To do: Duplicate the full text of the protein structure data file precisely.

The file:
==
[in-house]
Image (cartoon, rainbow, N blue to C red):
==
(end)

[in-house]
Image (cartoon, rainbow, N blue to C red):